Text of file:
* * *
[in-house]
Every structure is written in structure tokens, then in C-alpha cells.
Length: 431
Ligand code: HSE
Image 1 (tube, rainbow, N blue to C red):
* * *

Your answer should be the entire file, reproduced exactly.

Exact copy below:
[in-house]
Every structure is written in structure tokens, then in C-alpha cells.
Length: 431
Ligand code: HSE
Image 1 (tube, rainbow, N blue to C red):